Peter R. Scholtes further elaborates on another crucial element of leadership by inquiry resp. leading by asking good questions (Scholtes 1998):

“In the old organization we asked ‘who’ questions: Who is accountable? Who screwed this up? In the new organization we ask ‘why’ or ‘how’ questions: Why has this problem occurred? How can we improve the system and eliminate the cause of this problem? The old managers gave orders or advice and exercised control. The new managers ask questions and promote communication, knowledge, and understanding. Asking good questions involves more than simply asking good questions. The questions need to be surrounded by collaborative relationships. And the questions should be based on systems thinking and sound strategies for good work”.

(Scholtes 1998)

These aspects highlighted by Peter R. Scholtes fit very much into my exemplary approach of leadership. It is a leader’s duty to focus on behavior and results by defining purpose, roles and accountability. In parallel, creating an environment that allows for differences to be respected, valued and leveraged to achieve set objectives and allowing for constructive conflict for the purpose of collective learning.

My leadership model

In my introspection into the subject of my personal leadership model I have noted its incredible depth and breadth. A vast amount of philosophies, writings and theories are available on this subject, offering advice, but ultimately leaving me behind with many more queries than I have had before. Nevertheless understanding these fundamentals, I was able to distill the best practices and most apt theories into my armory that have enabled me to be a successful change agent and leader.

Cornerstones of my leadership model

As a leader of change, I have adopted the following characteristics and integrated them into my leadership model:

  • Being flexible and recognizing that it takes experience and deliberate practice to hone my personal style to be effective in leading different types of people and to work in different environments
  • Being a systems thinker and honing techniques to lead a system; gain an intimate knowledge of the work environment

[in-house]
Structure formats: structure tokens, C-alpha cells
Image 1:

• Ensure the effective interaction between human behavior and constructive learning
  • Creating a vision for the company, the business unit or an individual department and set achievable goals in order to give meaning, direction and focus
  • Understand learning systems to direct development and improvement of staff, empowering the people I am leading
  • Understand staff and behavioral patterns; acknowledge and respect individual differences
  • Ensuring accountability through mutual arrangements
  • Creating avenues for constructive criticism built on instilling confidence in a team. Only if confidence is established, systems start working and self-motivation is imaginable. This recognition is based on the cycle of confidence
Cycle of confidence (copyright protected by Beyond Lean)

Conclusion

In the continuous journey of molding your personal leadership style self-reflection and awareness are only parts of the challenge. In order to shift your performance to a higher level, you need to better understand the continuing need to ensure good practice, to concede that you have to hold yourself accountable for anything you do or omit to do. Furthermore, I firmly believe that the key to becoming a successful change leader is to be the role model that others will want to follow.

Moreover, central to your leadership style will be to move away from “hard” power techniques to “soft” power management which enables one to achieve the outcomes one desires by co-opting employees rather than coercing them.